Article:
An astronomer by the name of Simon Newcomb discovered it when he noticed that, in a book full of logarithm tables, the earlier pages (that started with 1) were much more worn than the other pages.
[It was] physicist Frank Benford, who tested it on data from 20 different domains and was credited for it. His data set included the surface areas of 335 rivers, the sizes of 3259 US populations, 104 physical constants, 1800 molecular weights, 5000 entries from a mathematical handbook, 308 numbers contained in an issue of Reader's Digest, the street addresses of the first 342 persons listed in American Men of Science and 418 death rates. The total number of observations used in the paper was 20,229.
Benford's law states that the leading digits in a collection of data set are probably going to be small. For example, most numbers in a set (about 30%) will have a leading digit of 1, when the expected probability is 11.1% (i.e. one out of nine digits).
Turns out that that Benford's Law can be used in forensic accounting to to check if you've cheated on your taxes.
In fact there are many applications for Benford's law for validating data sets and checking for fraud, including voting, checking on the county's COVID-19 reported case data, and even discovering fake Russian twitter bots.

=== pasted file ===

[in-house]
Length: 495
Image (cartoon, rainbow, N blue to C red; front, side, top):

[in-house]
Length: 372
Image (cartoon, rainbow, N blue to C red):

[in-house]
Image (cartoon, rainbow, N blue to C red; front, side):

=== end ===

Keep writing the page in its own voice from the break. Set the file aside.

In 2015, Professor Jennifer Golbeck discovered that Benford's law could detect malicious social bots:
...we showed that Benford’s Law is present in online social networks (Golbeck, 2015). Specifically, we found that the degree distribution of friend counts for all users on a platform, like Twitter or Facebook, follows Benford’s distribution. We also observed that for a given person, Benford’s Law was present in the degree distribution of their egocentric network; the FSDs of friend counts of a person’s friends matched Benford’s distribution. We looked at blogging sites, microblogs, and large social networking sites and found strong evidence for Benford’s Law on all.
... On Twitter, we were able to investigate the nodes that had a poor correlation with the expected distribution. Out of 20,000 accounts we looked at, about 100 strongly violated Benford’s Law and every one of them was a Russian bot — automated accounts, based out of Russia, and socially connected to one another presumably to appear “legitimate”.
Before you go Googling Benford's law and how it applies to stock markets, share trading and gambling, human psychology can schew what would normally be a Benford curve distribution. Such is the case in share trading and even voting... which is perhaps why some non-western organisations set up fake social media account.
Still confused about Benford's Law? Here's a good explainer video.
Also check out Episode 4 of Connected on Netflix. Fascinating stuff.